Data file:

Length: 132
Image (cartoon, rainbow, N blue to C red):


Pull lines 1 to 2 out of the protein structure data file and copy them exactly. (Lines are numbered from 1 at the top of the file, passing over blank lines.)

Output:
Length: 132
Image (cartoon, rainbow, N blue to C red):